In relativistic physics, Supplee's paradox (also called the submarine paradox) arises when considering the buoyant force exerted on a relativistic bullet (or in a submarine) immersed in a fluid subject to an ambient gravitational field. If a bullet has neutral buoyancy when it is at rest in a perfect fluid and then it is launched with a relativistic speed, observers at rest within the fluid would conclude that the bullet should sink, since its density will increase due to the Lorentz contraction effect. On the other hand, in the bullet proper frame it is the moving fluid that becomes denser and hence the bullet would float. But the bullet cannot sink in one frame and float in another, so there is a paradox situation.
The paradox was first formulated by James M. Supplee, where a non-rigorous explanation was presented. Matsas has analysed this paradox in the scope of general relativity and also pointed out that these relativistic buoyancy effects could be important in some questions regarding the thermodynamics of black holes. A comprehensive explanation of Supplee's paradox through both the special and the general theory of relativity was presented by Vieira.
A bit about buoyancy
To simplify the analysis, it is customary to neglect drag and viscosity, and even to assume that the fluid has constant density.
Consider a small object immersed in a container of fluid subject to a uniform gravitational field. Then the object will be subject to a net downward gravitational force. Compare this with the net downward gravitational force on an equal volume of the fluid. If the object is less dense than the fluid, the difference between these two vectors is an upward pointing vector, the buoyant force, and the object will rise. If things are the other way around, it will sink. If the object and the fluid have equal density, we say that the object has neutral buoyancy and it will neither rise nor sink.
Resolution of the paradox
The resolution comes down to observing that the usual Archimedes principle cannot be applied in the relativistic case. If the theory of relativity is correctly employed to analyze the forces involved, there will be no true paradox.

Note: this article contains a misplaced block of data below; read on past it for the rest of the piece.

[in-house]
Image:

Supplee himself concluded that the paradox can be resolved with a more careful analysis of the gravitational buoyancy forces acting on the bullet. Considering the reasonable (but not justified) assumption that the gravitational force depends on the kinetic energy content of the bodies, Supplee's showed that the bullet sinks in the frame at rest with the fluid with the acceleration
The non-justified assumption considered by Supplee that the gravitational force on the bullet should depend on its energy content was eliminated by George Matsas, who used the full mathematical methods of general relativity in order to explain the Supplee paradox and agreed with Supplee's results. In particular, he modeled the situation using a Rindler chart, where a submarine is accelerated from the rest to a given velocity v. Matsas concluded that the paradox can be resolved by noting that in the frame of the fluid, the shape of the bullet is altered, and derived the same result which had been obtained by Supplee. Matsas has applied a similar analysis to shed light on certain questions involving the thermodynamics of black holes.
Finally, Vieira has recently analyzed the submarine paradox through the special and general relativity. In the first case, he showed that gravitomagnetic effects should be taken into account in order to describe the forces acting in a moving submarine underwater. When these effects are considered, a relativistic Archimedes principle can be formulated, from which he showed that the submarine must sink in both frames. Vieira also considered the case of a curved spacetime in the proximity of the Earth. In this case he assumed that the spacetime can be approximately regarded as consisting of a flat space but a curved time. He showed that in this case the gravitational force between the Earth at rest and a moving body increases with the speed of the body in the same way as considered by Supplee (